• Bob September 19, 2008 (11:19 am)

    Twin Cities also got a successful light rail system put up in 3 years. Does us no good to compare to the Midwest, though. The ‘get it done” attitude back there that results in these successful projects could never take hold on the West coast.

  • Scott September 19, 2008 (11:36 am)

    Bus’s don’t pay taxes. The are highly subsidized by those that drive personal transportation… who’s going to pay for the bus/tunnel/monorail when there are no more cars?

  • quiz September 19, 2008 (11:48 am)

    I love this idea. What a wonderful solution.

  • CB September 19, 2008 (12:06 pm)

    Looks like it belongs in Florida. Imagine how bad all that white paint would look after a year or two. Just look at the top of Qwest Field for an example.

  • JanS September 19, 2008 (12:16 pm)

    so paint it another color…that’s minor(it’s just an artist’s rendering, after all). I like this idea, too. People are constantly talking about the instability of the soil, and how it would affect an above the ground viaduct. I think about how the instability of the ground would cause problems with a tunnel. That’s downright scary to me.

  • Stephen September 19, 2008 (12:22 pm)

    This idea certainly involves some ‘outside the box’ thinking, but being able to actually construct this elevated bridge idea would be a logistical/safety nightmare. The odds of traffic being permitted to travel during construction of the bridge sections are not good, and the amount of space that would be required for cranes and other heavy equipment would create issues near the piers.

    Perhaps if all the support structure was built (allowing traffic to continue) and the bridge sections were pre-cast and moved into place during a short window, traffic would be affected for months instead of years.

    There really is no realistic and elegant solution to rebuild the AW Viaduct without affecting current traffic, but this one is the closest I’ve seen.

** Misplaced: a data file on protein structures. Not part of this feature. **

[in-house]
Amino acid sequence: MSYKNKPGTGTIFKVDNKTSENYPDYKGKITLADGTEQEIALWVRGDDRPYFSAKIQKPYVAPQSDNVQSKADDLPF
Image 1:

• the_bridge_to_somewhere September 19, 2008 (12:24 pm)

    The proposal doesn’t have the polish that would suggest adequate engineering work has been done on this proposal, but I’ll suspend my disbelief on that one and focus instead on one statement in particular: “BILLIONS OF DOLLARS COULD BE SAVED AND WITHOUT ADDED COSTS OF INTERRUPTING HWY. 99 TRAFFIC OR DISRUPTING LOCAL BUSINESS: By creating a sleek, beautiful, wing-like steel SKYWAY 30 ft. above the Alaskan Way Viaduct. We build using the old viaduct as a scaffold.” Notwithstanding the use of all caps here (comes across as not very professional), I’m curious as to how you can use the old viaduct as a scaffold on which to place the new bridge, while having no interruption to traffic on said viaduct/scaffold? Am I missing something?

  • cjboffoli September 19, 2008 (12:29 pm)

    JimmyG: Despite your stunning syllogisms, Seattle obviously isn’t Boston. And despite that projects significant problems, the new suspension bridge and tunnels are an extreme improvement over the horribly decrepit Central Artery elevated highways they replaced.
    The backfilled soil along the Seattle waterfront does make liquifaction a danger during earthquakes when the land tends to mimic the properties of jello. And I’m not a geologist, but I think as we’ve seen from the recent retrofit of some of the Viaduct’s column foundations, there is stable ground under there if you go deep enough.

  • Cleveland Ken September 19, 2008 (12:35 pm)

    Build it now.

  • Ron Burgundy September 19, 2008 (12:56 pm)

    For those of you who are pro-tunnel, you should consider this option: Why would you want to dig a tunnel through fill rather than rethink how we get through downtown. We could tunnel through solid ground like we did with the bus tunnel and train tunnel. We would then be creating a third oppion for getting through the city, could link our waterfront to our downtown, keep the current surface street for mass transit and create a 1.5 mile park/green area where the viaduct currently lies. This technology has been utilized throughout the world, including the Chunnel. It’s worth a thought.

  • Jenny September 19, 2008 (1:17 pm)

    That Seattle TUBE idea looks interesting. Just a little critique of the website: There’s no hint of who’s behind this on the website. You should also add some news updates/blog entries on the homepage, to let us know that the effort hasn’t gone dormant.

  • Thomas September 19, 2008 (1:38 pm)

    It’s a cheap trick of architectural renderers to put green grass, happy bikers, and scampering children around their designs. You’re being lied to.

    A raised viaduct, regardless of any other quality, would be noisy, dirty, smelly and basically not a place that anyone would bring their kids to play around. Raised highways just don’t come out like this–they more often end up being places for parking cars or for sheltering homeless people. Go hang around the current viaduct downtown at Madison, for example.

  • Mickymse September 19, 2008 (2:14 pm)